New Directions in Modern Economics series
Chapter 8: Final Remarks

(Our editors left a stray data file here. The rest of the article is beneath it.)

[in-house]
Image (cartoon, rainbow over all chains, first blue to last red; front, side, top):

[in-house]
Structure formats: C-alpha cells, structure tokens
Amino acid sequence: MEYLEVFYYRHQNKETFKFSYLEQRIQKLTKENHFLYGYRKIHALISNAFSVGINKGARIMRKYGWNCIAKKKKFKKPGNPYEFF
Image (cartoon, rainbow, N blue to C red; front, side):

The near-equivalence of the ancestral desire for social status with the need for commodities is a distinctive characteristic of modern Western life. The dominant mindset, which is to appraise the eﬃcacy of economic institutions mainly by their service to the consumer, is comprehensible in light of the cultural orientation of what Keynes termed ‘needs of the second order’ to ritualized consumption. The iron rule of consumerist values is partly to blame for the failure to evolve socially protective responses to the contemporary brand of shareholder-driven, socially disembedded corporatism. A necessary condition for a transition to a more humanized species of economic organization – one in which consumer satisfaction and shareholder rights stand on roughly equal footing with values such as job satisfaction or self-actualization, income security, fairness, leisure and family time, natural resource conservation or environmental cleanliness – is the casting off of a signiﬁcant component of the social habit structure peculiar to late twentieth- and early twenty-ﬁrst-century capitalism. Stanﬁeld and Stanﬁeld (1980, p. 442, italics added) have written that ‘although needs for social esteem and even invidious distinction may be insatiable, it is not inevitable that they be expressed in an endless spiral of consumption’. Scitovksy has argued that the insatiability of the social instinct is not intrinsic, but is rendered such by the behavioral expression that it most often takes in contemporary life: [W]hen people seek status not in other people’s recognition of their speciﬁc accomplishments, but in a general token, like income,...
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